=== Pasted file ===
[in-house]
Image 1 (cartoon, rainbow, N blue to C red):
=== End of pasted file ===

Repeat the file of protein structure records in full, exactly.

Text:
[in-house]
Image 1 (cartoon, rainbow, N blue to C red):